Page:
2013 is going to be an important year for NASCAR and the Sprint Cup Series with the introduction of the Gen 6 car. Fans and drivers alike are excited about the new body style for various reasons. In turn, the excitement that surrounds and continues to build for the upcoming season has to be positive for those in charge of NASCAR. In spite of all the hype and testing that has been done in preparation for 2013, the question remains of whether or not the on track product will be better and more competitive in recent years.
Compared to the now defunct Car Of Tomorrow, the Gen 6 cars are already off to a far better start, at least in regards to how the cars look. In general, most people feel the new cars appear to be more stock than the COT was. In truth, NASCAR’s premiere series hasn’t had “stock cars” for several decades now. However, just the appearance of the cars is a step in the right direction for NASCAR. Numerous fans hated the COT because there was no body distinction between the different manufacturers. Now the cars are noticeably different and it is easy to differentiate between a Ford, a Chevy and a Toyota. Drivers have given the new car positive reviews. Many say that the new car drives and feels more like the fourth generation car that preceded the COT.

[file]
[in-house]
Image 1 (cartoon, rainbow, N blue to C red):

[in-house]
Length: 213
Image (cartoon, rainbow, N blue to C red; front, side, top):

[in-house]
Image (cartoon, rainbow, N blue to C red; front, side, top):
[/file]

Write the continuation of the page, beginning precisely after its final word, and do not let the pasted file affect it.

Unlike the COT, the Gen 6 car has not been phased in to actual races. While nearly every driver and team has done extensive testing in preparation of the coming season, fans still have to wait and see what the cars will do in racing conditions. More than anything else, NASCAR needs the new car to be competitive right off the get-go. Fans want to see side-by-side, wheel-to-wheel racing which did not seem to happen that often with the COT. Fans also want to see more passing and elements like clean air and aero push not be as much of a factor. Many times in recent years the fastest car hasn’t been able to win thanks to strategy or a bad stop. Fans want to see the fast cars be able to drive back to the front and leaders not have as big of an advantage if they are in front.
The Daytona 500 is like a season in its own and rarely is a judge of how a driver’s year will go. The real test for the Gen 6 car will be at Phoenix and Las Vegas, two tracks which carry similarities to the bulk of the NASCAR Sprint Cup Series schedule. If the car provides competitive racing in the first few events, it is likely that interest will stay high throughout the year which will be a positive in all ways for NASCAR. If the car does not provide competitive racing, NASCAR will have work to do to provide a rules package that will create good racing. After many years of fans leaving the sport and ratings and attendance dropping, NASCAR can ill afford for the Gen 6 car to fail.